Moderna's MMA candidate nabs spot in FDA pilot for rare disease drugs

Moderna’s methylmalonic acidemia candidate, mRNA-3705, will be developed under the FDA’s START pilot program for rare disease, the company announced June 6.

It joins therapies from Denali Therapeutics, Neurogene, Grace Sciences and Larimar Therapeutics in the initiative, which aims to do for rare disease drugs what Operation Warp Speed did for the COVID-19 vaccines.

Methylmalonic acidemia, or MMA, is a genetic liver condition that in most cases is caused by a deficiency in an enzyme called MUT, which processes fatty acids. Without it, the acids build up and damage organs. The disease is usually diagnosed within the first few months of life, and there are currently no treatments.

MRNA-3705 is an mRNA-based drug that encodes MUT, thereby restoring acid metabolism. It has orphan-drug, fast-track and rare pediatric disease designations from the FDA and is currently being tested in a 63-subject, phase 1/2 clinical trial

Under START, mRNA-2705 will get extra attention from FDA officials, who will guide Moderna through product development issues like designing studies, choosing control groups and selecting the right patient population. The effort is being carried out by the agency’s Center for Biologics Evaluation and Research and the Center for Drug Evaluation and Research, which is selecting six participants total for the first iteration of the program, according to a September 2023 announcement from the FDA.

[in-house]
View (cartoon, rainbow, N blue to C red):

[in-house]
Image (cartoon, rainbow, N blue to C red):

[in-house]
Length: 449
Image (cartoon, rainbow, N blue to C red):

“This selection highlights the promise of Moderna’s innovative mRNA platform beyond vaccines and the potential this novel medicine may have in addressing the serious and unmet medical needs of MMA,” Kyle Holen, M.D., senior vice president and head of development in the therapeutics and oncology unit at Moderna, said in a press release. “Selection for this program will…[result] in acceleration of our development program as we prepare for pivotal study initiation for mRNA-3705 in 2024.”

Moderna's other rare disease programs include drugs for propionic acidemia, glycogen storage disorder type 1a, ornithine transcarbamylase deficiency, phenylketonuria, Crigler-Najjar syndrome type 1 and cystic fibrosis.

Also picked for the START program is Calico Life Sciences' eIF2B activator fosigotifator, which is under development for Vanishing White Matter disease. The condition is an ultra-rare disease of the brain's white matter caused by variations in an essential enzyme in the cells called eIF2B. This causes a reduction in enzymatic activity that can lead to chronic activation of the integrated stress response.  This causes the white matter to degenerate, causing symptoms such as impaired muscle movement, cognitive decline and seizures. Patients have a shortened life span. 

Fosigotifator is being developed in a partnership between Calico and AbbVie through an agreement signed in 2014.